Where in the world is the Siege Train on June 18, 1864? Not where Grant wanted it to be!

When formed, or more accurately, reformed,  in April 1864, the siege train for the Army of the Potomac was intended as a resource to call upon as the army neared Richmond. When the initial assaults on Petersburg failed to gain their objective, it was time to call upon the siege train.  So was that “train”Continue reading “Where in the world is the Siege Train on June 18, 1864? Not where Grant wanted it to be!”

Abbot to Hunt: “Every step has been taken to hurry forward…”

In April 1864, Brigadier-General Henry Hunt sent recommendations and instructions to form a siege train supporting the Army of the Potomac’s next campaign.  On the first day of May 1864, Colonel Henry Abbot sent an update on his preparations toward that end: Fort Richardson, VA., May 1, 1864. Brig. Gen. Henry J. Hunt, Chief ofContinue reading “Abbot to Hunt: “Every step has been taken to hurry forward…””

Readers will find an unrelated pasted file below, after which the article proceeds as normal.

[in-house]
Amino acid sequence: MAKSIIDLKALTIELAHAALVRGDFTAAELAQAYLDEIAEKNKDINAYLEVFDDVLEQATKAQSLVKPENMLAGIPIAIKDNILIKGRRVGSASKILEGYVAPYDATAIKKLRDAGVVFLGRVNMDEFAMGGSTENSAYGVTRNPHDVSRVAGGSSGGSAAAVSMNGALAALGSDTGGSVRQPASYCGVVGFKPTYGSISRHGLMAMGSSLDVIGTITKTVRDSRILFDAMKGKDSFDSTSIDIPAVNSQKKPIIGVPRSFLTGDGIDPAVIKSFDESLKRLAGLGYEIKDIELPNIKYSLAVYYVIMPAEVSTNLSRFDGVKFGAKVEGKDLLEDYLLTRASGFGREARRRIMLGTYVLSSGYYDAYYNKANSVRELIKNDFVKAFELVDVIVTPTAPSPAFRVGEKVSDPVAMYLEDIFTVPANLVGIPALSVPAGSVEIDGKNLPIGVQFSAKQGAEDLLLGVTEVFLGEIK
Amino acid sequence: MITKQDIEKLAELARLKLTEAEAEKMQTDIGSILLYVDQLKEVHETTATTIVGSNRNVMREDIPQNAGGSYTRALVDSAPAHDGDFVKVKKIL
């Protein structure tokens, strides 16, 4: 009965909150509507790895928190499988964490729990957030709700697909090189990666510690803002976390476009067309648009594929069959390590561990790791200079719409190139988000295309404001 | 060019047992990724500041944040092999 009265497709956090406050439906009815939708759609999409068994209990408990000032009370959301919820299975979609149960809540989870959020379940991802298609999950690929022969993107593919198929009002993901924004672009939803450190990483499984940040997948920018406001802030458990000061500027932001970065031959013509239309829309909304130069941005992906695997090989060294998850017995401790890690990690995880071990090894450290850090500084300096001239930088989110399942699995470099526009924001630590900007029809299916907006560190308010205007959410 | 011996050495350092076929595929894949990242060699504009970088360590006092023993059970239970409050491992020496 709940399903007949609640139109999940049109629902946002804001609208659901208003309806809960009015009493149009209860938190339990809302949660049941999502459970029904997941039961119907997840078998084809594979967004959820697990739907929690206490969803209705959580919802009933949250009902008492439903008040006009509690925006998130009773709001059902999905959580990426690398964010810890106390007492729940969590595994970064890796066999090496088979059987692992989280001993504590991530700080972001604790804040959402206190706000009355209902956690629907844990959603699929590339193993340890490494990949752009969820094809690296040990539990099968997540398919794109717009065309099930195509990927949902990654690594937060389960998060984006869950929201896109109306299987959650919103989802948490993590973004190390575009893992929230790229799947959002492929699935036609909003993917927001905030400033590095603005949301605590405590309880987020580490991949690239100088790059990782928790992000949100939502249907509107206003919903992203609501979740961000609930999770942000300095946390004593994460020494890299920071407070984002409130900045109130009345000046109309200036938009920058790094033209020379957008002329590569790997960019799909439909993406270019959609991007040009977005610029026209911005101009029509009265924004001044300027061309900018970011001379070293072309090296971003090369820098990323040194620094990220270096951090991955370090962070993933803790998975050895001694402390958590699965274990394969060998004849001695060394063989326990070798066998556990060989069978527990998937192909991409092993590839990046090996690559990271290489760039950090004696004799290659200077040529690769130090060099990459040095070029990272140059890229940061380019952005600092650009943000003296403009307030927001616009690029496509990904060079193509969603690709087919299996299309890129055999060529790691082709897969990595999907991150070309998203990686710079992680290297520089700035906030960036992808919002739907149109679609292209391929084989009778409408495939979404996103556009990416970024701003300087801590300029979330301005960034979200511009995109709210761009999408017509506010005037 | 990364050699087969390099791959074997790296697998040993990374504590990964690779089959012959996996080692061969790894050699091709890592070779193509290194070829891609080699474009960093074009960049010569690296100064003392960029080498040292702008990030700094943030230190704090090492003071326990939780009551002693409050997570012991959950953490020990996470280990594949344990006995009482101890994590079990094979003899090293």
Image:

“It is a cross between the gun and mortar without the advantages of either”: Hunt’s dislike of howitzers (again)

On April 23, 1864, Brigadier-General Henry Hunt passed additional instructions on to Colonel Henry L. Abbot, who was tapped to form and lead a siege train held in reserve for the Army of the Potomac.  Abbot’s task was not necessarily daunting, but required attention to detail to meet specific requirements.  Should a siege train beContinue reading ““It is a cross between the gun and mortar without the advantages of either”: Hunt’s dislike of howitzers (again)”